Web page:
There are side skirmishes in this war.  While the B cells make their onslaught, I put out the fires – an infection here, a drug side effect there, always something to keep me on the alert.  My body at war.  Attacked by itself.  If you are prone to guilt, lupus is a double-whammy of a disease.  How good a person can you be if your own body is attacking you?  What secrets in your past make your bone marrow produce an army of cells that rush to hurt you?  What have you done to yourself-eaten, smoked, bathed in, breathed-to produce this reaction?  Is lupus self-hate? 

Okay, so the brain is big on drama this week.  While it is doing its thing, I’m busy producing a totally new product for my store and my craft fair booth.  News at 10.


Chemo Reality

Big reality check.  I went for my lupus chemo treatment yesterday.  I take them every four to six months, and each treatment set consists of two treatments, two weeks apart.  This was the first tiime I’d been with a group that was expressing the difficulties of their situation.  Previously, I’ve been surrounded by people who were either cheery or not talking.  Yesterday, I heard sadness, bitterness, anger, frustration, resignation…a pastor who was there for treatment was writing a sermon, which he titled based on some of the sad things people were expressing.  He talked briefly about hope and prayer, sitting there with his own IV, probably not ten years older than me.  One patient who passed through told another that he wasn’t returning to work, that his doctor had given him six months.  Someone said “When someone finds out I have cancer, the first thing they ask is ‘When are you going to die?’.”  A nurse passed through, commenting on the vigorous conversation in our group, and a neighbor said “Yes, look how we’re all smiling as these chemicals kill every cell in our bodies.” 


Now I’m not saying that everything was gloomy.  It was just a realistic, vocal bunch of people who are pissed off at what disease is doing to them.  After 16 years of lupus, you know I sympathize!  We still commented on each other’s activities (one with a computer, another selecting Christmas gifts from an NFL catalog, two of us with knitting, the pastor consulting his handbook and scribbling notes) and shared our water, candy, knits, and even a few phone numbers.  My nurse was older and experienced, the best ever, popping my IV into my requested vein and checking on me regularly, with interesting conversation.  The coffee was freshly made.


Inside I had some tears for the fresh pain some were exhibiting.  I had some more tears when I found that my medication grant (my treatment isn’t covered by Medicare) wasn’t going to cover these December treatments.  That $2,000 translates directly into more college loans for my daughter next semester.  I am more than fortunate to have some resources to draw from in these crazy economitis days.  I try not to let the economitis eclipse my decisions about treatment. 


This morning I called my parents early.  They told me they were still getting dressed, but they stopped to talk.  We had some big laughs over some of my mom’s boudoir lessons in my childhood.  They were happy and cheerful and expressed great anticipation for their day, relishing the pancakes for breakfast, morning newspaper, soap opera time together…at 89 and 90, they enjoy everything.  What a boost for me!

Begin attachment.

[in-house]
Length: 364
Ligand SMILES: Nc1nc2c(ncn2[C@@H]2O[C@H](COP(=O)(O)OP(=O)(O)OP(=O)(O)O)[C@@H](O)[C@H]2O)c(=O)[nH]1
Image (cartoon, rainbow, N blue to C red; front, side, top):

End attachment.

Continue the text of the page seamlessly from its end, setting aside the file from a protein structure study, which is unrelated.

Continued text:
I’ve got LOTS to do today.  I can’t let chemo fatigue oveertake me.  I’m delivering two donated knitted pieces for a church silent auction.  The proceeds will go to a recreation/education center in a depressed neighborhood.  Then I’ll make a huge post office run, sending back some mail order items that won’t work, and posting a couple of packages to customers.  Yikes!  I had forgotten.  I got another order last night.  I have to find the product and pack it.  What am I doing playing on my computer?!


Ain’t Too Proud to Beg…

I had my treatment today at the oncology center.  It was fun.  No, they didn’t give me anything that affected my brain, except the usual Benadryl.  I met some new people, including a woman who’s been on and off in treatment for breast cancer for 20 years, and makes it her business to know everyone in the center.  There was also a new oncology nurse who was an Ohio transplant.  She called me “Sweetheart” and worried when her first IV turned into a blood bath.  I didn’t care.  We had a good laugh about what to call it (a hemorrhage?  a massacre?  or be modern and call it a “hot mess”?).  We had a wonderful Thanksgiving supper with all the fixin’s.  The office was letting us in on their holiday party.  My IV seemed to be done faster than usual, although I had time to knit a fingerless mitt all the way to an inch from the top.  Seriously, it was a good time.


I can’t help but contrast that with the disaster of the week.  Karabella is discontinuing that gorgeous yarn, Breeze, that I love so much for lace scarves.  (see Karabella Breeze Lace Scarf « Essiewb’s WeblogCashmere and Silk Lace Scarf Yes, that’s it, the photo is straight from my store.  Flying Fingers has a discontinued yarns section, and that’s where I learned of my imminent loss.  I ordered a few balls, since they are on sale, but not near enough to make me feel secure.  After all, I’m going to have to have enough to last the rest of my life.  I’m not sure how I should estimate that:  two balls per month x 12 months per year x 3 new advances in lupus therapy x 10 years per advance…oh heck, I may as well just corner the market.  I wonder if begging helps in this situation.